US Department of Energy Announces Additional Funding for National Laboratories and Universities to Advance Nuclear Technology
The US Department of Energy announced this week that it will provide $49.3 million in awards for 58 advanced nuclear technology projects in 25 states. These projects include nuclear energy research, facility access, crosscutting technology development, and infrastructure. Ed McGinnis, DOE’s Principal Deputy Assistant Secretary for Nuclear Energy stated that “DOE is looking to the future, and that’s why we are investing in advanced nuclear technologies. Nuclear energy is a critical part of our all-of-the-above energy strategy, and early-stage research can help ensure it will continue to be a clean, reliable, and resilient source of electricity for a long time to come.”
The money is awarded through the following DOE programs:
Nuclear Energy University Program
- DOE is awarding more than $28.5 million through its Nuclear Energy University Program (NEUP) to support 40 university-led nuclear energy research and development projects in 23 states.
- Seven university-led projects will receive more than $1.6 million for research reactor and infrastructure improvements providing important safety, performance and student education-related upgrades to a portion of the nation’s 25 university research reactors as well as enhancing university research and training infrastructure.
Crosscutting Research Projects
- Five research and development projects led by DOE national laboratories and U.S. universities will receive $4.5 million in funding.
Nuclear Science User Facilities (NSUF)
- DOE has selected two university-, one national laboratory- and three industry-led projectsthat will take advantage of NSUF capabilities to investigate important nuclear fuel and material applications. DOE will support three of these projects with a total of $1.5 million in research funds. All six of these projects will be supported by more than $10 million in facility access costs and expertise for experimental neutron and ion irradiation testing, post-irradiation examination facilities, synchrotron beamline capabilities, and technical assistance for design and analysis of experiments through NSUF. In addition, two of the abovementioned NEUP R&D projects will be supported with $3 million in NSUF access funds.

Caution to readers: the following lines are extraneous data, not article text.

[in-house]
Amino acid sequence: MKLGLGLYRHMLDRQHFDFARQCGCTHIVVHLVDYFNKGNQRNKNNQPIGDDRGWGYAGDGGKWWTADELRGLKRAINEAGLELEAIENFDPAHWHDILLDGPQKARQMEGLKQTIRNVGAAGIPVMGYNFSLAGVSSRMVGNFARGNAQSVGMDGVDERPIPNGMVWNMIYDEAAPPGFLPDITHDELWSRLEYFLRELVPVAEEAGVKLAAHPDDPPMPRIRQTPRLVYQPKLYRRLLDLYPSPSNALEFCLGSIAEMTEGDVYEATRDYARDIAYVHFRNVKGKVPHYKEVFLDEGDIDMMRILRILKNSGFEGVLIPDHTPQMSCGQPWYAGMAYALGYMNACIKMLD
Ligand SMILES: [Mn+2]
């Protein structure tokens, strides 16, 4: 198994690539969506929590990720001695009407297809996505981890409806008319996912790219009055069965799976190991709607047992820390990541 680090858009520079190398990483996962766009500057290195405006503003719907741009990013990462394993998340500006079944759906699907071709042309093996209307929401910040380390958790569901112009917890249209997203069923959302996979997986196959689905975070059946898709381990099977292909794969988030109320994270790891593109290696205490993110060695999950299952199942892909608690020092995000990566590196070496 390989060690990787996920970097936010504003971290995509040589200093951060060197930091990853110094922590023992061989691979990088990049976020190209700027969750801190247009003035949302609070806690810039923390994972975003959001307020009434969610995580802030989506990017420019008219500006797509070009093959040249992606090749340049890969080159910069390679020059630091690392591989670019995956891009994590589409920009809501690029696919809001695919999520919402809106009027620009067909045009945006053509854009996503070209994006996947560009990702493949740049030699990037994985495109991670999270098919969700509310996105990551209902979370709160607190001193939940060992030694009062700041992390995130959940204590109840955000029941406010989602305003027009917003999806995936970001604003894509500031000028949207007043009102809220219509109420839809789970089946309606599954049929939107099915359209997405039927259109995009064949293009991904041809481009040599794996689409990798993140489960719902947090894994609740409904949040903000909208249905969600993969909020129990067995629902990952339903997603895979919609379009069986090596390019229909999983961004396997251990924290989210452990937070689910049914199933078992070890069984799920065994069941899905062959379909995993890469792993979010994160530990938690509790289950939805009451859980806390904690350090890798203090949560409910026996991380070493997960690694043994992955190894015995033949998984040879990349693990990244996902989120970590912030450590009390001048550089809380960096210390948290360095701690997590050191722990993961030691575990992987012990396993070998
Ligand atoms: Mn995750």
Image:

Source: US Department of Energy
G20 Meeting Begins in Osaka
The G20 two-day summit has begun in Osaka, Japan and it has brought together 37 presidents, prime ministers, and heads of international organizations. The central concern for many of the participants seems to be the damage that could be caused to the world economy if a trade war escalates between the United States and China. Japan’s Prime Minister Shinzo Abe is the G20 host and is in charge of forging a final agreement among the the participating countries. One of Abe’s main goals of reforming the World Trade Organization seemed to be making progress when a number of the G20 members committed to the idea of revising and updating WTO rules to include e-commerce. On Friday, participants discussed innovation, the digital economy and artificial intelligence as well. Abe told country leaders that “development of the digital economy leads to innovation in a variety of social sectors, and freedom of data is essential, as is securing the trust of consumers and companies on over privacy and security issues…To promote the creation of international rules for the maximum use of data is what I propose under the ‘Osaka Track.'” It remains unclear how to Osaka Track will proceed.
Source: The Japanese Times
Russia’s First Floating Nuclear Power Plan Begins Work
The world’s first floating nuclear power plant has begun work in Russia. The Akademik Lomonosov is run by the Russian State Nuclear Energy Corporation (Rosatom) and is the first of its kind reactor to begin working. It is able to generate 35 MW of power and has the ability to provide enough electricity to provide a town of up to 100,000 people with power.
Source: Interesting Engineering